Blog Tuesday 3/11
Pinnacles and Billygoat walk.
We woke bright and early to birdsong in our stream-side camp.
Another excellent 3 course breakfast and then we drove the 100 yds to the Kauaeranga visitor centre and met Mr Kiwi. This lovely man was one of the two rangers running the information centre. He had a long pointy nose, bright enthusiastic eyes behind thick glasses and dark mousy hair combed back off his face to his collar.
He was full of helpful advice and clearly knew the whole area like the back of his hand. He could see no reason why we shouldn't walk the 2 day 'Pinnacles and Billy Goat Basin' tramp in one day and estimated about 8 hours for the circuit. He pointed out which bridge was closed and where to ford (!) the rivers. All set, picnic packed, we set off. First of all we had to drive another 14 km up the gravel road to the road head car park. Although there were a few cars, we saw very few people.
The walk was very pretty, close to the river, through the trees and the air was full of squeaks, whistles, whoops, warbles and squawks. All invisible.
After walking in perfect solitude for about half an hour we heard voices and caught up duty a swarm of 32 primary school children clambering up the hill accompanied by their friendly teachers. We chatted for a while as the children became more and more red faced and breathless and paused to rest. The teachers yelled at them to let 'the hikers pass by' and so despite also being red faced and breathless we said our farewells and strode energetically past (before stopping behind the next tree to draw breath!)
The path was steep and rocky but easy walking and we made good progress, putting the world to rights as we went.
We arrived at our halfway up point - Hydro camp - ahead of schedule, girded the river and headed in up to the Pinnacles Hut.
This is an amazing place. Built about 20 years ago, it is NZ's largest and most used mountain hut, frequently accommodating up to 100 people on a Saturday night in two 40 bed dormitories and a few tents. All this information was from the resident warden, Pete (and his dog, Maddie) who run the place. We ate our savoury muffins in the sunny balcony admiring the view, the kauri and remu trees and the lovely little black and white North Island Tomtit that was flirting about the garden.
The sign board said that it would take 50 minutes to reach Pinnacles from here. Mr Kiwi had said 30 minutes, and he was right.
We set off up a steep slope that became a flight of wooden steps, which then became much steeper. Then there were a couple of ladders and finally a series of steel rungs drilled into the rocks to facilitate the last scramble to the top. From the viewing platform at 759 metres, we could look out over the forest and over other volcanic plugs. Just in case that you, like me, did not know what a volcanic plug is.... When a volcano ceases to be active, the lave inside cools and becomes solid. Over time the volcano itself s rice away and only the central plug remains. Some table top mountains are formed in a similar way, when a lava lake in the middle of a volcanic crater soldifies.
From the viewing platform we scrambled up a bit further, under some tree roots and over some rocks, to a higher spot from where we could see distant views in the other direction. We perched on the rocky ledge and ate the rest of our lunch before commencing our descent.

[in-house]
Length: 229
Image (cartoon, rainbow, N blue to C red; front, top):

We scrambled back down the rocks, ladders, steps to the hut and then down to hydro camp. From here the signs indicated a 2 hour route to retrace our steps home or 3 hours via the Billygoat Track. It was a beautiful sunny afternoon so we continued with our plan to take the longer route.
It was slightly disconcerting that our chosen path for descent started out by going steadily uphill for nearly an hour... We checked our leaflet... Soon there would be a knoll and a view.... Nope! Just trees and ferns! We pressed on and eventually the path flattened out and passed along the side of the mountain before turning into a slippery orange clay slide. We slithered down clutching at branches for support and eventually came to a section of old logging tramline where the gradient was 1:2.7 - pretty steep! Eventually we passed Billy goat falls, forded the river as instructed, and made our way back to the van. The route took almost exactly 8 hours walking, as predicted. A good days tramping.
We were pretty worn out, but were soon reinvigorated by a mug of tea in the sunshine, surrounded by birdsong. It was just before 7pm, so we decided to make a move to our next camp site, in preparation for our next journey north to Coromandel.
We headed just north of Thames to one of the Freedom campsites, provided by the council.
This was a spectacular choice - essentially an area of grass under some Pohutukawa trees on a headland directly overlooking a sand and pebble beach and with a great sunset view. It was really windy outside so despite an initial plan for a beach walk, in the end we simply lay on our tummies in the back of the bus, with a glass of wine, looking out to sea. We watched towering shags and listened to the oystercatchers as the the sun slowly dropped below the horizon.
Finally it was time for Nicoise salad, hot showers and bed.